Italy, Etruscan culture, ca. 768 to 264 BCE. A huge pottery brazier, round in form, with the clay a deep red color and signs of use. Twin rings around the rim have been stamped using a cylinder stamp to create a frieze of animals grazing; the animals all have either ungulate form or horse form, standing with legs slightly apart, heads bowed; some have magnificent antlers. The cylindrical base is perforated with round holes in an even pattern to draw in oxygen for a fire. Size: 20.75" W x 6" H (52.7 cm x 15.2 cm)
Based on the decoration of other known Etruscan braziers (see, for example, the two held by the Metropolitan Museum of Art), this scene is probably meant to evoke the joys of the hunt. These are part of the tradition known as Caeretan Red Ware, which lasted roughly a century in southern Etruria and produced large braziers like this one as well as large storage urns in a roughly clay fired to this earthy reddish color. Braziers like these have been found in chamber tombs, domestic settings, and temples, and were designed to be portable. One of the most famous examples comes from The Tomba Maroi III, and is now on view at the Museo di Villa Giulia, Rome, which was found with the burned remains of several eggs and three drinking cups.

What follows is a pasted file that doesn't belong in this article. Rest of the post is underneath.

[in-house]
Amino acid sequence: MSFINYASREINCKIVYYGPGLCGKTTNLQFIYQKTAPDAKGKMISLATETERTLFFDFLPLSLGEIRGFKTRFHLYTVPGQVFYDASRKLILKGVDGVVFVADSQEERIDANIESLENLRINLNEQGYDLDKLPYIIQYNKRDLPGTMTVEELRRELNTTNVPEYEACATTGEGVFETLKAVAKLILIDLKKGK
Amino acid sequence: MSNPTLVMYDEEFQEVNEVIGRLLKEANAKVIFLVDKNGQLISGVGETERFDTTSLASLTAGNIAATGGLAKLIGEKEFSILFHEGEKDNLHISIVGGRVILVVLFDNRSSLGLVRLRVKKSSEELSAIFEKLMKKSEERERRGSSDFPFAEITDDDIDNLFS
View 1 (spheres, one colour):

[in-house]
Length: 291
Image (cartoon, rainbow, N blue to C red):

Provenance: Ex - Prominent LA County collector who acquired these prior to 2000, Ex Arte Primitivo
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